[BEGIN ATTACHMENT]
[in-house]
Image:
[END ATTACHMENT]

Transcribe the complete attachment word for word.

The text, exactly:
[in-house]
Image: